Satan's Secretary volume 1 is full of laughs, especially for anyone who's ever worked in a job bogged down by office politics. Because of its overreliance on dialogue, it's a bit of a slow read, but every new task Secretary undertakes is droll and never feels unnecessary. Since the characters have no clue yet as to the Hero's whereabouts and so much work left to do to whip the Demon King's army into shape, this first volume sets itself up for a long ride. However, it's demonstrated so far that it will entertain every step of the way, even if the core concept—the ruthless office bureaucrat nonplussed to be working in the underworld—seems like it could be overplayed.


Lynzee Loveridge

Rating:

So, the gag here is the demon lord has found a human so diabolical and efficient, that his goals of world domination are actually within his grasp. Her strategies are perfect and lack any consideration for the suffering of Satan's opponents. She (the secretary is nameless) astounds the demons with her attention to detail and cold-hearted plotting.

The jokes, usually one or two pages, revolve around this set-up. Satan himself is kind of a blowhard. He's a guy who wants results without putting in any of the effort while his secretary starts screening demons to improve local working conditions. It's funny, but in the way where you chuckle to yourself. There's no real stakes and a very general overarching plot involving the secretary's former employer (a king who felt terrorized by her) and managing the demon population but otherwise there's very little to chew on or wring laughs out of here.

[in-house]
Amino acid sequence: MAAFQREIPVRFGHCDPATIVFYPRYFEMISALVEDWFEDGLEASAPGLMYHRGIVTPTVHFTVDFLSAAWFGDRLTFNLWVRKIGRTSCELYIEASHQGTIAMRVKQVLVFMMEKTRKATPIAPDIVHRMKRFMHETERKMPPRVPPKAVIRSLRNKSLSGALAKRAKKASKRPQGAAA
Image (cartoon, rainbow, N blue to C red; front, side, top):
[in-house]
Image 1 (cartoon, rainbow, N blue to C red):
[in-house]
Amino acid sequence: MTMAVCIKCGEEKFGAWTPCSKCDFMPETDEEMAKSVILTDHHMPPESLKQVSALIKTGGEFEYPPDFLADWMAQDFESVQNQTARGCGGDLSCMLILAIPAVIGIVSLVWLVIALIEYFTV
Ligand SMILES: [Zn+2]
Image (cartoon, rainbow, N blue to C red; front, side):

The “demon lord” thing is a bit played out by this point, but I can appreciate centering the story around a unique subordinate instead of just making Satan a little girl or the reincarnation of a gamer or an lolita-type that loves fluffy things (sorry Beelzebub). I guess Satan's Secretary falls into a weird category where it's not interesting enough to recommend but it's not so boring that I actively disliked reading it. It's just sort of there kinda doing its job as a comedy but not to the best ability that it could.


Rebecca Silverman

Rating:

Satan has definitely gotten more than he bargained for with his new secretary. Apart from the fact that she was initially supposed to just be his human informant for taking over the world, it turns out that she's far more motivated than the Lord of Darkness will ever be – this is a guy who kept hitting “snooze” on his alarm clock for ten more years. In her capable hands, the world will be conquered, whether Satan wants it to be or not!